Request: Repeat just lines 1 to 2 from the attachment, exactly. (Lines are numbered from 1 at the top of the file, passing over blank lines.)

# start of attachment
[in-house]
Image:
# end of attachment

[in-house]
Image: